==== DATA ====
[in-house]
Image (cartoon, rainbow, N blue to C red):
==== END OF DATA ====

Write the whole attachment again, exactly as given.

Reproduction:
[in-house]
Image (cartoon, rainbow, N blue to C red):